The influence of dispositional affect on whistle-blowing

Ashley K. Reckers-Sauciuc, David Lowe

Research output: Contribution to journalArticlepeer-review

21 Scopus citations


Consensus appears to be building that something must be done soon to stem the flood of corporate ethical lapses of the last decade. Businesses are being pressed to adopt policies, practices and procedures that advance integrity-in-action (not just talk). Provisions for whistle-blowing without retaliation might be one such practice. But, research is lacking. Our study probes why some people are willing to blow the whistle, while others are not? We examine the influence of dispositional affect on whistle blowing specifically, the affective states of sadness/demoralization, fear, arousal and contentedness/happiness. Environmental factors largely drive these affective states; environmental factors under the control of corporate management. Our hypotheses test tenets to the Toxic Triangle and Pro-Social Organizational Behavioral models. We report on a behavioral experiment using evening MBAs who express whistle blowing intent across a set of ethics laden case scenarios. Our findings provide strong support for the Toxic Triangle and Pro-Social Organizational Behavior models.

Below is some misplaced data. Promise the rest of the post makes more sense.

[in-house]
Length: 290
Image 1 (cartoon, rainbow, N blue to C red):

Original languageEnglish (US)
Pages (from-to)259-269
Number of pages11
JournalAdvances in Accounting
Issue number2
StatePublished - Dec 2010

ASJC Scopus subject areas

  • Accounting
  • Finance


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